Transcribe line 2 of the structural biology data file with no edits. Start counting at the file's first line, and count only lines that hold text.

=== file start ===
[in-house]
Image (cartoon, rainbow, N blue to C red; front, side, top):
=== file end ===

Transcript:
Image (cartoon, rainbow, N blue to C red; front, side, top):